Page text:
Skip tracing (the act of finding people who don't want to be found) and directory searching are good skills to have. Fill your Rolodex with phone numbers. In the beginning, get help from fellow workers. Remember, you do not have to reinvent the wheel-people in your firm will have done investigation before, so use them as a resource.
Early on, think about how you will number and classify your case documents. Look at some old case files and study how they have been organized and broken down. Use old systems if they work well. Do not be too much of a pioneer when it comes to file organization systems, but at the same time, if you are in charge and responsible, make your system as effective as possible.
Begin Summaries, Memos, Chronologies, and Docketing Systems --There is nothing more visually effective than an early layout or graphic display of a case to give you a grasp of the issues and facts. Do not get too fancy or spend extra money unless requested to, but formalizing and ordering information in outlines, chronologies, simple graphs, and diagrams is a professional and thorough way of grappling with a new case.
Become familiar with your state's rules of civil procedure and discovery. If your firm has a computerized docketing system, insert your case into that system and keep your own docketing file for the case. Go through the complaint and the answer and determine the initial deadlines.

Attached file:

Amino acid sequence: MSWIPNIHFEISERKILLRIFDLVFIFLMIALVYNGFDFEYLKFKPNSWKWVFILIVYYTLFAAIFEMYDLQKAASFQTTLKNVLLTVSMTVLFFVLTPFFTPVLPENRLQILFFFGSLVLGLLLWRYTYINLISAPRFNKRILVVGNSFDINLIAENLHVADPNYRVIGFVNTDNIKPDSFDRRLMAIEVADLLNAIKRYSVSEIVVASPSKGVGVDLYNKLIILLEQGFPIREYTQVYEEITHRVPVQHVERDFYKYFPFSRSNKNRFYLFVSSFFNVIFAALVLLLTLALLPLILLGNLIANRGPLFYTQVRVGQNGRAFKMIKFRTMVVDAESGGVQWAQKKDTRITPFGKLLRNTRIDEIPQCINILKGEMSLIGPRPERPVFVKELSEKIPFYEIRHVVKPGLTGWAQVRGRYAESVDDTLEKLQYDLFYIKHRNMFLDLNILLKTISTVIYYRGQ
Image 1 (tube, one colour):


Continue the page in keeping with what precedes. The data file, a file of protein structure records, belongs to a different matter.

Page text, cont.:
As discovery orders are established, enter those dates on your docket; as motions are filed, enter response dates and dates for replies when necessary. Docket for your side and the other side. You should know when they are late! And you most certainly should prevent your side from making late filings by way of friendly memos. An organized paralegal will draft a memo once a month just to verify and confirm dates.
When is a supreme issue in the law, recording when, and knowing when, changes when, and recording and knowing the new when --all fall to the paralegal. Certainly attorneys are endlessly concerned about when, but this is an area in which you as a paralegal can shine. In litigation, "when" is as important as "what." From statutes of limitation to filing appeals, "when" is always entwined in the story line, and you as a paralegal are in the middle of the whole scheme.
As the file grows and the case proceeds, write, send, and file status reports on a regular basis. You will keep yourself up on the case as dates, times, and issues arise. Status reports will keep you continually aware that "the wheels of Justice grind slowly, but they grind exceedingly fine." The pace of the law is like an ax grinding grain on a stone. When things are quiet, it can be downright dull. But when a deadline arrives, you must be the one ringing the bell.